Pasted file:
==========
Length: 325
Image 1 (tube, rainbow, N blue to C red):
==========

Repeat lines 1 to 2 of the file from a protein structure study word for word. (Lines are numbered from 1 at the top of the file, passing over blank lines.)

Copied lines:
Length: 325
Image 1 (tube, rainbow, N blue to C red):